Insight With Beth Ruyak

Hosted By Beth Ruyak

Insight creates conversation to build community, exploring issues and events that connect people in our region. Insight covers breaking news and big ideas, music, arts & culture with responsible journalism, civil discussion and diverse voices.


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Tuolumne County Assist Residents With Dry Wells

Having a homestead that operates independently from the complex infrastructure that serves as the backbone of a city can be a great source of pride. It's befitting of the American pioneer spirit to heat your home with wood you've cut with your bare hands and drink water you've pumped from the ground beneath your feet. But what happens when the water upon which you've built your home suddenly disappears? You aren't hooked up to the local water district. Your only options are wishing for rainwater to capture or shipping in bottles of water every week. Luckily, the California government has taken steps to help people who own wells that are no longer pumping water.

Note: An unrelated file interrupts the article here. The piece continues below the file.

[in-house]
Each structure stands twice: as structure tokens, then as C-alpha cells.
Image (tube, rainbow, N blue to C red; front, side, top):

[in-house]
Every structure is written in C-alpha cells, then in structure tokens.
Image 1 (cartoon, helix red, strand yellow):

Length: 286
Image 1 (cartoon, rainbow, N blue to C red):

In the Sierra foothill county of Tuolumne, the local Office of Emergency Services is providing 2500 gallon tanks to people with dry wells. The tanks may run up against the pioneer spirit, but they're welcome assistance to more than 300 people in Tuolumne County whose wells have gone dry. Tracie Riggs a coordinator for the Tuolumne County OES and is in charge of the dry-well assistance program. She and the OES are holding currently holding workshops to reach out to well owners in her county who are running out of water. She joins us to talk about the program and the people it's helping.  

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